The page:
We like our rock stars dirty, but our athletes clean

So the fly in the olive oil of Greece’s hosting of the Olympics is that their two prize athletes are crook in hospital, to ill it seems, to even talk to the law. It’s all looking mighty suspicious to me. The IOC seem to be coming down hard on anyone this year, but for how much longer?

There are two main issues with the drugs in sport debate. The first one is competition; drugs give a competitor an unfair advantage over everyone else. But surely Michael Schumaker has an unfair advantage being behind the wheel of a Ferrari compared to some of the ‘poorer’ teams? And tennis nowadays is as much about the arms race in carbon fibre racquets technology as it is the player. Bjorn Borg famously tried to make a come back with a wooden racquet in 1991 and got thrashed. What do athletes have to enhance but their bodies?

The other main problem is the moral issue. We not very comfortable with sports stars taking drugs, it’s… well cheating, and distinctly un-British. You can’t very well have a zero tolerance drugs policy on the streets and ‘smack and field’ events at the local athletic club. After all, I grew up with Daley Thompson as a hero in our house, and the only stimulants he ever took was a swig Lucozade and mosh of Iron Maiden….. Entertainment stars on the other hand practically have to do a spell in the Priory as part of their training.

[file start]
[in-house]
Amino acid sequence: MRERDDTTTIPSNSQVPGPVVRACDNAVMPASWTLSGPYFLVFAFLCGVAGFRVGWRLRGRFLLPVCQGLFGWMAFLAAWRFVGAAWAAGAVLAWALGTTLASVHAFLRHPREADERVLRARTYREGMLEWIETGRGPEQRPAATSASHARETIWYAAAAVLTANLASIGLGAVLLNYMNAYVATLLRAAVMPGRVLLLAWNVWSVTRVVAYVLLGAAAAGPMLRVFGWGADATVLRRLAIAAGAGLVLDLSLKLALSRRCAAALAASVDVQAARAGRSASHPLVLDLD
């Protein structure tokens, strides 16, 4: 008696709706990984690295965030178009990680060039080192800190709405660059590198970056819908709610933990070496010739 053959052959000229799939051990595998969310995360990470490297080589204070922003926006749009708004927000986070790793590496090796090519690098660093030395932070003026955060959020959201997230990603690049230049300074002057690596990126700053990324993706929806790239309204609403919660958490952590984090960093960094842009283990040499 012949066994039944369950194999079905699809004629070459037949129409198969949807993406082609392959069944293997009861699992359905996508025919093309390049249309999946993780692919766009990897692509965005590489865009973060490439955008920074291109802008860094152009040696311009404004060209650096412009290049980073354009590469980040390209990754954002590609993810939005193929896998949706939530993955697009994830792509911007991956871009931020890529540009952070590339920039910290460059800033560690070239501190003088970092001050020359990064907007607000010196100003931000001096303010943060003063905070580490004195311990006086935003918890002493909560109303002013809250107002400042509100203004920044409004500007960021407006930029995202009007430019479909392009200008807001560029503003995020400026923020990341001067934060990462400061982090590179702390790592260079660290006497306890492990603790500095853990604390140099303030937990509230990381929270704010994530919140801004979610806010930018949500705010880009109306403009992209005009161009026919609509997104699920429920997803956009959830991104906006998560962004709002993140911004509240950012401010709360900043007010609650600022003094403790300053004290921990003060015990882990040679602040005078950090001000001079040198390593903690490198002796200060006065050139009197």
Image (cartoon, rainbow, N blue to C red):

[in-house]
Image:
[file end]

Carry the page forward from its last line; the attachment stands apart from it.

So the argument is this, taking drugs leads to enhanced performance and that’s not fair on the competition. Which when you transplant it across from sport to music, is like….. The Dave Clark Five wanting the Beatles thrown out of the Charts because they ‘cheated’ and produced an ‘enhanced’ Sergeant Pepper while off their tits.

I’m sure the drug companies would love to ‘sponsor’ athletic teams. Who knows, maybe it’ll end up like in some bad sci-fi novel where nations are obsolete and teams are made and paid for by large multi-nationals? Which is a bit like how Formula 1 is now really.

Disclaimer: oh yeah, erm, don’t do drugs kids… m’kay.

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These are my personal views and not those of Channel 4 or the BBC
August 2004

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